The FMLN submitted its first reports on personnel and armaments on time, but UNOSAL expressed repeated doubts about the veracity of these reports. The Armed Forces of El Salvador (FAES) delayed the submission of their first reports, but were submitted and verified by UNOSAL.1 FAES disarmed its civil defence units in April and May 1992.2 The approximately 200,000 Salvadoran refugees, with the United States having enjoyed a secure port, its temporary protection status was to expire on June 30, 1993, after President Bush extended it one year after the previous expiry date of June 30, 1992. Refugee supporters estimated that an additional 500,000 Salvadorans were in the United States and argued that conditions in El Salvador were still too unstable to bring so many people back en masse.1 President Clinton extended protection status temporary 18 months and set the new deadline of 31 December 1994.2 The UNOSAL progress report of October 1993 that the FAES reforms were implemented ” peace agreements and constitutional amendments, in accordance with constitutional amendments.” , whose main objective is to ensure their subordination to the civil power to the rule of law” (United Nations, 14 October 1993, p. 8). These changes include troop reductions, the dissolution of National Intelligence and the removal of police duties from military jurisdiction (ibid.). After the initial Deadline of November 1992 was not met, on 30 June 1993 the Government finally followed the recommendation of the ad hoc Commission to clean up all 103 officials appointed by the Commission (national reports 1993-1994, 437); Human Rights Watch 1993, 95). 6.8 Start of implementation of lending agreements for the agricultural sector and for micro-enterprises: starting from D-120. War disability programmes have been delayed due to the lack of agreement between the two parties on the road to long-term rehabilitation. The medical programme was also delayed due to differences of opinion on staff and slow deliveries of hospital equipment.5 Peace agreements did not define how to proceed with the demobilization of the PN (Hemisphere Initiatives Sept. 1993, 18), but the government presented a plan in October 1993 (United Nations 23 November 1993, 9). The task will take place in two phases: the first, from October 1993 to May 1994, will demobilize 2,400 PN officers and, in the second, from May to October 1994, another 6,850 civil servants will be recruited. The plan also calls for the abolition of the customs police, which consists of 1,211 civil servants when the PNC`s financial service is fully operational (ibid.). UNOSAL requested that the demobilization process be expedited (ibid., 10).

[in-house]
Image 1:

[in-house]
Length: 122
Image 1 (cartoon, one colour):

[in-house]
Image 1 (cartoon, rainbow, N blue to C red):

On 8 September 1993, the Government committed to assign to FMLN two new television channels and a shortwave channel that complied with the agreements reached on 22 December 1992.1 FAES stopped the arrests after the start of the armed conflict on 1 February 1992. Another recent death trial is that of Jess Cartagena, an FMLN candidate who ran for The Huizcar City Council. He and his daughter were killed at home by unknown men (Inter Press Service 11 Jan. 1994; 11 January 1994). In early February 1994, Israel Bernardino Sium, an FMLN activist, was shot dead in his home in Izalco, 70 kilometres west of the capital, by three masked gunmen (San Antonio Express-News 11 Feb.